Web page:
Work from Home Cutting Down Waste in Indonesia?

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Illustration of the city of Jakarta during the period of working at home.

The implementation of Work from Home (WFH) policy which is deemed an effort to cut off the COVID-19 outbreak has impacted environmental condition. The less outdoor activity has given momentum for earth to relax. The use of air conditioning in office buildings and consumption of fossil fuel drastically drop. Air quality is growing better.

Such a situation also has an impact to consumption pattern of the community. Office building and public facilities stop their operating hours. Hence, the waste produced by the community during the pandemic is assumingly decreasing. But, is it correct?

Jakarta’s Environment Office recorded the declining amount of waste since the WFH enactment on March 16, 2020. The decrease of waste is about 620 tons at average per day. This is due to the drastic downswing of outdoor activities, related particularly to commercial spots such as hotel, malls, office and public facilities.

“The plummet is by comparing the daily average of waste on March 1-5, 2020, before WFH policy to the average tonnage of waste on March 16-31, 2020, following the implementation of WFH,” said Andono Warih, the Head of Jakarta’s Environment Office, without detailing the waste production prior to WFH.

Read also: No Plastic During Ramadan

Unfortunately, the decline of waste production does not happen to other regions outside Jakarta, including those with large-scale social restrictions (PSBB). Contrary to the fact, the rising volume of domestic waste happens to Depok City, West Java Province. It occurs due to the fact that many of Depok residents are workers in Jakarta. Domestic waste from Depok increases from 600-700 tons into 800 tons per day.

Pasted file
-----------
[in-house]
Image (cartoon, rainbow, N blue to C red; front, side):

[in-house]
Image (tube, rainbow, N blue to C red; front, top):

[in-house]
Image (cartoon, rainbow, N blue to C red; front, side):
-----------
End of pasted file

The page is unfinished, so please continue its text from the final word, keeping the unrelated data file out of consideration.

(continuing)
“Most of public activities is now done at home and thus it affects the rising volume of waste production,” said Iyay Gumilar, the Head of Depok’s City Sanitation and Environment Office.

Similarly, the mounting volume of waste also happens to South Tangerang, Banten Province. During the large-scale social restrictions, the total volume of waste has never declined. The volume of domestic waste increases despite the drastic drop of waste volume from shopping centers and restaurants.

“At least, waste volume increases by 10 percent. The rise is due to the fact that waste from Jakarta ‘is disposed’ to South Tangerang,” said Toto Sudarto, the Head of South Tangerang’s Environment Office, failing to mention the details of waste production prior to the large-scale social restrictions.

Read also: Looming Threat of Plastic Debris on Sea

On the other side, waste volume in Samarinda, East Kalimantan, is stagnant. The WFH policy does not affect the volume of waste production. The Head of Samarinda’s Environment Office, Nurrahmani, said the volume of waste is stable at about 800 tons per day. “Despite the stagnancy, dry waste on the street declines. However, wet waste is on the rise,” said Nurrahmani.

Meanwhile, the study conducted by the Center of Oceanography Study and the Indonesian Institute of Sciences (LIPI) found that plastic waste production increases in the Greater Jakarta. During the large-scale social restrictions, online shopping has been increasing. Formerly, residents of the Greater Jakarta only made 1-5 online shopping a month. During the large-scale social restrictions and WFH, online shopping has been intensified up to 1-10 times a month.

Plastic wrap, bubble wrap, and plastic tape are the most frequently used packaging. Moreover, the volume of plastic wrap extensively grows beyond the volume of plastic-made food packaging. On the other side, public has not yet had proper awareness on waste selection. Considering the fact, pandemic situation does not automatically reduce the volume of waste production. 

Editor: Leo Wahyudi

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